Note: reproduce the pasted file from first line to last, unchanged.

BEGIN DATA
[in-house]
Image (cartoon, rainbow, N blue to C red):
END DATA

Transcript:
[in-house]
Image (cartoon, rainbow, N blue to C red):